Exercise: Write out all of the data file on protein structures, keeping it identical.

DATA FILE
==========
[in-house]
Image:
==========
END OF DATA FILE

[in-house]
Image: